WHO IS HOLY? — K’doshim, Lev. 18-20 by Rabbi Baruch Cohon
This Torah reading bears a close relationship to the previous one. On non-leap years they are read together in synagogue services. Their relationship involves the effects of wrong conduct, actions to be avoided. Prohibitions and the warnings of punishment are featured in the previous chapter.
Warnings and prohibitions are not enough. This section, called K’doshim – “Holy ones” – sets out penalties for violating these laws. We don’t find any prison time mentioned here. No fines, either. Minor infractions call for burnt offerings. Major violations incur execution or ostracism. Torah law may not be politically correct. Too bad. But what does all this strict punishment have to do with holiness?
In its very special way, the Torah defines Holiness before even going into detail about punishment. To be holy does not mean setting yourself apart from human society and its temptations. No ivory tower. Don’t try to be what’s called a “holy Joe.”
Just the opposite, in fact. Holiness requires that we deal justly and respectfully with each other. Honor your parents. Keep the Sabbath. Pay a day-worker before nightfall. Do not deceive your neighbor or lie, and never swear falsely because that is blasphemy. Do not curse the deaf, or place a stumbling block in the path of the blind. The stumbling block law in Jewish tradition is interpreted morally as well as physically. Talmudic leaders defined temptation to do wrong as “placing a stumbling block.”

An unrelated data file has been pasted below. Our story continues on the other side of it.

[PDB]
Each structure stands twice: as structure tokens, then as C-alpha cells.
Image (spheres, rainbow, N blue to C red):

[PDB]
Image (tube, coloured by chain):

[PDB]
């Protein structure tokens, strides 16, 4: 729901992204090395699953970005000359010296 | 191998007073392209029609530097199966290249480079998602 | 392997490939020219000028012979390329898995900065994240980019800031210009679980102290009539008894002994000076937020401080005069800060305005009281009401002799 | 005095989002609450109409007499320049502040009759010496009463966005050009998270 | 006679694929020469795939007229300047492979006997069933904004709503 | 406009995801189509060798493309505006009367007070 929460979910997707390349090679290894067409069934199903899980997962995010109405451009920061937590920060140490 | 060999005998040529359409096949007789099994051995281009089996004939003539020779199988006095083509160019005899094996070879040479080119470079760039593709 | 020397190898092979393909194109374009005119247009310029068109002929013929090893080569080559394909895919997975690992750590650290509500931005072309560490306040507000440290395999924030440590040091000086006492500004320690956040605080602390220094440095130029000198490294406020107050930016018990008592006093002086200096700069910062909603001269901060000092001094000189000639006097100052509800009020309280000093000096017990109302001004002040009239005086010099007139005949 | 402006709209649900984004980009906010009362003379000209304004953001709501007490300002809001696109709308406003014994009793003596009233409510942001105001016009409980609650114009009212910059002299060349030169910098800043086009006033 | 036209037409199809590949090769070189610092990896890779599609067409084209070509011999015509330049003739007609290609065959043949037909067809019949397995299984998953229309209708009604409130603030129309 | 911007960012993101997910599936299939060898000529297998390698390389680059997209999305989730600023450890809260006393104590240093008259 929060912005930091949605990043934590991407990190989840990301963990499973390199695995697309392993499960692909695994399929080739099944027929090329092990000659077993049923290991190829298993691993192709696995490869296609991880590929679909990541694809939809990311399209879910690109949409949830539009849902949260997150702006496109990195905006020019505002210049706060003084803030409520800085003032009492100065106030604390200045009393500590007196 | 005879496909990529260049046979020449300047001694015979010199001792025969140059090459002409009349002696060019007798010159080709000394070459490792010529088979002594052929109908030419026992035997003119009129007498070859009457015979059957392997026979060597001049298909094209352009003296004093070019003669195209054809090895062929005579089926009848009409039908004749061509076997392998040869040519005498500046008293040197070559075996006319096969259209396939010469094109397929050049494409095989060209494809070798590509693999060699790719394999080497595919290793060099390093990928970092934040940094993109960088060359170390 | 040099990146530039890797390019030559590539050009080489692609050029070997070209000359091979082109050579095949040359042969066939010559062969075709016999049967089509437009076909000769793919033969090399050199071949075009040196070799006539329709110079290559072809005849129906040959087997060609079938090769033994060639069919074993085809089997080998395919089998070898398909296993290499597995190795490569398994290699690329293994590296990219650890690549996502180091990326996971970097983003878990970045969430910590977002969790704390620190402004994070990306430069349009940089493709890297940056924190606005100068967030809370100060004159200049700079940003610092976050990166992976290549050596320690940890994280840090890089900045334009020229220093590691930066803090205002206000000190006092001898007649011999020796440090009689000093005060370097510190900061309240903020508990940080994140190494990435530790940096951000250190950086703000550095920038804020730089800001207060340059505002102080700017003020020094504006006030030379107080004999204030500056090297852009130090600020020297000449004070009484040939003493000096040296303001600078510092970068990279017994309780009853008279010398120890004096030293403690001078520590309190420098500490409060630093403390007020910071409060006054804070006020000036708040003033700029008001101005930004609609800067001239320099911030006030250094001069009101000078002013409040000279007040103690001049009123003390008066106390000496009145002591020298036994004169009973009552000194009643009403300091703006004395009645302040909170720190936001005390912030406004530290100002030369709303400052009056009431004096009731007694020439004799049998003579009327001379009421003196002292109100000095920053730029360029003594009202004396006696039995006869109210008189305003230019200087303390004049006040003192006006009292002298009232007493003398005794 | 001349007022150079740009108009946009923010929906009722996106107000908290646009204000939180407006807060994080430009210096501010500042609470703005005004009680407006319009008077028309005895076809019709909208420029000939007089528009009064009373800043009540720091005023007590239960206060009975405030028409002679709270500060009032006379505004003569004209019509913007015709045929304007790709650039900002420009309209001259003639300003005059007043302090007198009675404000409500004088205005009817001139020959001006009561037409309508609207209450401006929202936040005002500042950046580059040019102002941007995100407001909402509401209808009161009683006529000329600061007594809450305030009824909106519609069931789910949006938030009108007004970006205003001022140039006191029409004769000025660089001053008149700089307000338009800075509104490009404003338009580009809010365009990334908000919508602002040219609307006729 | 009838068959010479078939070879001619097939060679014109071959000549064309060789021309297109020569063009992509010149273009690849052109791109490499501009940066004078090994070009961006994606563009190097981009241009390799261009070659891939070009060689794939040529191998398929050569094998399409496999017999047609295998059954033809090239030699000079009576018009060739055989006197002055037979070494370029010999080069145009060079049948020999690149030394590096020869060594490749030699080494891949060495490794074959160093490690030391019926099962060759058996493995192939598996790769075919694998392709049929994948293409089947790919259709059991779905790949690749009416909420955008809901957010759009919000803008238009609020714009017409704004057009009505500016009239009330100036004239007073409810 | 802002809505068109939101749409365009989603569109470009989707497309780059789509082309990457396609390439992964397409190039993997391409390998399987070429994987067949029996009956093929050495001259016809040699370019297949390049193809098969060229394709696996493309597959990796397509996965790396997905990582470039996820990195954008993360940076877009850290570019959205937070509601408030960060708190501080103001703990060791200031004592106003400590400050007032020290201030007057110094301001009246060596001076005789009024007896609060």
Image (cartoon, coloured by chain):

Legal challenges are discussed too. Judges may well note the ruling: “Do not favor the person of the poor and do not glorify the person of the mighty. Judge your neighbor with justice.” Principles like those apply to non-court situations also, as we will read about relations with someone whose actions you disapprove: “Do not hate your brother in your heart. Rebuke him, and do not bear sin because of him.”
Perhaps the most down-to-earth expression of holiness is this: “Do not take vengeance or bear a grudge against one of your people.” The classic examples of this disapproved conduct goes this way: Vengeance is when you ask to borrow your neighbor’s axe and he refuses; then next week he asks to borrow your ladder and you refuse, saying “You wouldn’t lend to me, so I’m not lending to you.” A grudge is when he refuses to lend you his axe, but when he comes to borrow your ladder you say: “Sure, here it is. You see? I’m not like you!”
Most famous of all the holiness teachings is the line “Love your neighbor as yourself.” To me, this means that first you need some self-love. If I have no respect for myself, what value is my love for my neighbor? As Hillel said in Pirkey Avot, “If I am not for myself, who will be for me?” Of course, the process goes both ways. By building a habit of treating other people right, we can also take some pride in our own lives.
Who is holy? Potentially, you and I.